FAIRFIELD COUNTY, Conn. – Ronald Molina, 8, his 11-year-old brother Alex and 19-year-old-sister Evelin say they cry quietly every day in their Stamford home while looking at a photograph of their mother.
In the photo, the dark-haired woman with downcast eyes looks back at them with as much sadness as is felt by the family she was forced to leave. Her children, along with her husband, Rony Molina, are U.S. citizens. But Sandra Payes-Chacon was detained and deported in 2010 while in her native Guatemala trying to obtain a green card.
Now, the 35-year-old who suffers from depression and anxiety is banned from returning to the United States for 10 years.
Advocates and attorneys for immigration reform say a national program called Secure Communities, which was launched in Fairfield County last year and recently expanded to cover the entire state, will make stories such as this one far more common.
“Families are being torn apart and with expansion of the Secure Communities program we are going to see much more of this - lives ruined because of technicalities and overzealous immigration police enforcement,” said Alex Meyerovich, an immigration attorney at M.C. Law Group LLP in Bridgeport and Norwalk.
Meyerovich, who represents the Molina family, said, “Many of my clients are scared of the local police, who under the guise of these programs, arrest them for federal Immigration Customs Enforcement police. When they run a fingerprints check and discover a person is in the country illegally, that’s it. They are deported.”
Payes-Chacon, however, was not deported under the Secure Communities program. She made the mistake of taking bad advice from a former adviser and returned to her homeland after crossing the border illegally. But Meyerovich said many people. including his clients, are afraid of the program.
“It’s one more piece of ammunition added to the completely random and arbitrary process used to deport (illegal) immigrants,” he said.
Rony Molina, 43, who also made a dangerous and costly three-day trek crossing the desert from Mexico in 1999, sat this week at a kitchen table in his small but immaculate Cold Spring Road home, shaking his head and tearing up as he described what it’s like to be separated from his wife.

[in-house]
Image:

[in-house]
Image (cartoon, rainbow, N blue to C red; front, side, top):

The couple met in Connecticut but did not know each other despite growing up in the same rural community outside Guatemala City.
“There are no words to describe our suffering,” said Molina, owner of Every Season Landscaping and Rony’s Painting. “I take care of the children and do everything I can for them, but I have a full-time business to run and they are alone after school.”
Human traffickers called coyotes can charge up to $20,000 to sneak immigrants into the county. Both Molina and his future wife came to America to escape the daily gang violence and lack of work in their homeland, he said. His two sons were born here and he adopted their half-sister Evelin, who came to the United States a few years ago.
“My boys need their mother. This is not a way to live,” Rony Molina said. The brothers visit their mother during summer vacation, and their father tries to fly there every few months for about a week.
“It’s sad knowing when I come home from school she won’t be here,” said Alex, an eighth-grader at Cloonan Middle School.
Evelin Molina, a senior at Westhill High School, said she was “devastated” by her mother’s deportation.
“My whole life I lived with my grandmother, but looked forward to being with my mother and my brothers,” she said. “We were together for a couple of years, then this happened. It’s a living nightmare.”
Payes-Chacon requested humanitarian parole because of the physical and emotional illnesses she suffers. It was denied in September by the Department of Homeland Security.
“Parole is an extraordinary measure used sparingly and only in urgent and emergency circumstances,” Gina Holland, chief of law enforcement for Homeland Security investigations, said in a Sept. 15 letter denying the application.
Now, Rony Molina will have to make what he calls “an impossible decision."
“Either we stay here and wait 10 years to be reunited as a family,” he said. “Or we go back and be together, but have no future and expose my kids to the kind of gang violence that resulted in their uncle being kidnapped last year and held for a $25,000 ransom. It’s a terrible decision to have to make.”
This is the first in a two-part series about the plight of illegal immigrants in Fairfield County and increased efforts to deport them. Next: Why officials are concerned the expansion of the Secure Communities program across Connecticut may result in increased crime and violence.